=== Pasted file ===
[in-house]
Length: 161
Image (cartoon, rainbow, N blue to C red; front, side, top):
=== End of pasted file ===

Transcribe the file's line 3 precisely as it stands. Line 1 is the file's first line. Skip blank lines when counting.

Image (cartoon, rainbow, N blue to C red; front, side, top):